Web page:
The Great Pheromone Myth directly challenges ideas about the role chemicals play in mammalian behavior and reproductive processes. It is a must-have reference for biologists, psychologists, neuroscientists, and readers interested in animal behavior, ecology, and evolution. Johns Hopkins University Press
Mammalian pheromones, audiomones, visuomones, and snarks - Richard Doty argues that they all belong in the same category: objects of imagination.
For more than 50 years, researchers - including many prominent scientists - have identified pheromones as the triggers for a wide range of mammalian behaviors and endocrine responses.
In this provocative book, renowned olfaction expert Richard L. Doty rejects this idea and states bluntly that, in contrast to insects, mammals do not have pheromones. Doty systematically debunks the claims and conclusions of studies that purport to reveal the existence of mammalian pheromones. He demonstrates that there is no generally accepted scientific definition of what constitutes a mammalian pheromone and that attempts to divide stimuli and complex behaviors into pheromonal and nonpheromonal categories have primarily failed.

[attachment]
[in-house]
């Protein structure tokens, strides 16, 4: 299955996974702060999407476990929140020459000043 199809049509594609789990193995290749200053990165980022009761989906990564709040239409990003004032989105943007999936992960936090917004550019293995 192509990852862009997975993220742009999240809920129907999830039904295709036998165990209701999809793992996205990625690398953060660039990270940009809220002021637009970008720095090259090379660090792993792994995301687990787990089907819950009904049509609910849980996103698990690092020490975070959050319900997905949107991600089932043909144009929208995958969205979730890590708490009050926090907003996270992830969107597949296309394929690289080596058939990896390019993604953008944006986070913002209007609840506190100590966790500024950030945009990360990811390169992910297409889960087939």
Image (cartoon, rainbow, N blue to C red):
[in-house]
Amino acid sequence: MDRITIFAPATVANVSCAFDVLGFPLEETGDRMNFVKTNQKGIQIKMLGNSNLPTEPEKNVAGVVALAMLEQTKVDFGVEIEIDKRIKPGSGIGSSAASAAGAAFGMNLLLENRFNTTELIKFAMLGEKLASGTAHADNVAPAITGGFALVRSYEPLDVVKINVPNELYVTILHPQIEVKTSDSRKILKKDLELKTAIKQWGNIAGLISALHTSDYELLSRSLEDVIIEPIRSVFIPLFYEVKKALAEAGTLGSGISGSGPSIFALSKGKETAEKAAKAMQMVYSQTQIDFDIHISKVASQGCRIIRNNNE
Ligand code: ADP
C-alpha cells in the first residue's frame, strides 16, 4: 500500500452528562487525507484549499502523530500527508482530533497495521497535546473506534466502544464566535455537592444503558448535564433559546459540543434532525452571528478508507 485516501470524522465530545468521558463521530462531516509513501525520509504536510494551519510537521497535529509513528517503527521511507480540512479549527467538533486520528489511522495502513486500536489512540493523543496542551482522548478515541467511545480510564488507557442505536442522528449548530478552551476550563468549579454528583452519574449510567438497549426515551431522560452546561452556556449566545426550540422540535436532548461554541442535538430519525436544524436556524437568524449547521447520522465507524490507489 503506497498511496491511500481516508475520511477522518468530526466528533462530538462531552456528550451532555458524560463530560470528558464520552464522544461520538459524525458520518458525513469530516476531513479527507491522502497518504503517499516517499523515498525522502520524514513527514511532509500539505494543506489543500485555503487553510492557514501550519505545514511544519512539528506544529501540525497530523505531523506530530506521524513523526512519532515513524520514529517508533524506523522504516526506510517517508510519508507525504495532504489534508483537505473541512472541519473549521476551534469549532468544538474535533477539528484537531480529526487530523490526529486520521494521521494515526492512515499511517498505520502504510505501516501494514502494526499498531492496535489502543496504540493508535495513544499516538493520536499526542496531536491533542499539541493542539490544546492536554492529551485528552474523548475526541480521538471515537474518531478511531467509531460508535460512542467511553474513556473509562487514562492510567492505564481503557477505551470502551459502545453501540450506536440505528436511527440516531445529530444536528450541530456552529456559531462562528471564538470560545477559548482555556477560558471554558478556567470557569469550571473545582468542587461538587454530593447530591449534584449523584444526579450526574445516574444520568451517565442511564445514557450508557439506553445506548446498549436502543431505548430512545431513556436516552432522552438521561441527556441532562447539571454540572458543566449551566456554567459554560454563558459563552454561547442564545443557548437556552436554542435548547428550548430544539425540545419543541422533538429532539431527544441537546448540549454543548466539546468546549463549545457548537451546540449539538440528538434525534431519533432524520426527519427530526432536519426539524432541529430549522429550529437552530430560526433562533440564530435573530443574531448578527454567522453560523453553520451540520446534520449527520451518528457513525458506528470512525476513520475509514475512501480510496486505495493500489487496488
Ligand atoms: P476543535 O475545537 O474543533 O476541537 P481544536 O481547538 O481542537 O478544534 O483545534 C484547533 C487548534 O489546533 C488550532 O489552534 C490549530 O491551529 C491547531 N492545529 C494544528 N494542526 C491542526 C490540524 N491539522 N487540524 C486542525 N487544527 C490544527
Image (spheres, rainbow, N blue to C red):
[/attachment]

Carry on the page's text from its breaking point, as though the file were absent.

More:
Dr. Doty's controversial assertion belies a continued fascination with the pheromone concept, numerous claims of its chemical isolation, and what he sees as the wasted expenditure of hundreds of millions of dollars by industry and government.
The Great Pheromone Myth directly challenges ideas about the role chemicals play in mammalian behavior and reproductive processes. It is a must-have reference for biologists, psychologists, neuroscientists, and readers interested in animal behavior, ecology, and evolution.
"Simply delightful reading. In a concise but totally convincing manner, Richard Doty sweeps away the pervasive mythology of pheromones." - Floyd E. Bloom, Scripps Research Institute
"The field of mammalian pheromones is a bit sloppy and human pheromones a complete mess. This book will make a major contribution to the field by either galvanizing people to prove Doty wrong or applying brakes to a field that may be fast moving down the wrong track." - Donald A. Wilson, author of Learning to Smell: Olfactory Perception from Neurobiology to Behavior. Johns Hopkins University Press